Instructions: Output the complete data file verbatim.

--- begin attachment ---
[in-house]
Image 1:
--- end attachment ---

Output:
[in-house]
Image 1: